Edinburgh, 1st August 1802
My dear John — I am sorry to fall back into the old style; but it is necessary to tell you that your letter of the 11th May is still the latest we have received from you, &c.
We are all here in our usual way. How often shall I repeat that apology for all intelligence? and how infallibly does it come to be less true, upon every repetition! The little changes, which do not seem to impair its accuracy, accumulate so fast in a few years of absence, that our usual way comes to be something very different from our old one. Marriage itself implies a great number of little changes; and it is probable you may think me a good deal altered, while I am unconscious of any other alteration, &c.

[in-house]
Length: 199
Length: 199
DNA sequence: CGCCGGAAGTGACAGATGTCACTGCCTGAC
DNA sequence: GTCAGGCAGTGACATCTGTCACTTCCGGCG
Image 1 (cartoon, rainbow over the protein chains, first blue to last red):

It has been a cold wet summer with us, and we predict another scarcity. Speculate upon that, Mr. Merchant, and come over with your cargo. I am going to write a book upon law next year — though, upon my honour, I do not know upon what subject. Everybody exhorts me to do it, and I am too polite to resist the entreaties of my friends, and too modest to set my own conviction of my inability against their unanimous opinion. I must have more money, that is the truth of it, and this will be an experiment to catch some. — Believe me always, dear John, most affectionately yours.